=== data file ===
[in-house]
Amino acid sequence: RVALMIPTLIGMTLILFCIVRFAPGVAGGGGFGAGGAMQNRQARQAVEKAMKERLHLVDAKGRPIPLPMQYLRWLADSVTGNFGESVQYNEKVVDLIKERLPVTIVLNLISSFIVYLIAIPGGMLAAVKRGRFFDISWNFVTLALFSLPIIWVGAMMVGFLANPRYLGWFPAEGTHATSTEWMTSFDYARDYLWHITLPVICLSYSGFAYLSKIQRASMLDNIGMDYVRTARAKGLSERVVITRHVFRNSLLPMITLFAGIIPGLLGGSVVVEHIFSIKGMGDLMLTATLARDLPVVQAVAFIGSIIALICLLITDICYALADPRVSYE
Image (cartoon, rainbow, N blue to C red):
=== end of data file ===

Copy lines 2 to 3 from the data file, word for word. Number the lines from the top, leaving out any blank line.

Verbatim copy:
Amino acid sequence: RVALMIPTLIGMTLILFCIVRFAPGVAGGGGFGAGGAMQNRQARQAVEKAMKERLHLVDAKGRPIPLPMQYLRWLADSVTGNFGESVQYNEKVVDLIKERLPVTIVLNLISSFIVYLIAIPGGMLAAVKRGRFFDISWNFVTLALFSLPIIWVGAMMVGFLANPRYLGWFPAEGTHATSTEWMTSFDYARDYLWHITLPVICLSYSGFAYLSKIQRASMLDNIGMDYVRTARAKGLSERVVITRHVFRNSLLPMITLFAGIIPGLLGGSVVVEHIFSIKGMGDLMLTATLARDLPVVQAVAFIGSIIALICLLITDICYALADPRVSYE
Image (cartoon, rainbow, N blue to C red):